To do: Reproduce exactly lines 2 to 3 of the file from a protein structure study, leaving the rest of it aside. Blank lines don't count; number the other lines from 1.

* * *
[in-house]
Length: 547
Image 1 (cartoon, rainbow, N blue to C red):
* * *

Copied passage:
Length: 547
Image 1 (cartoon, rainbow, N blue to C red):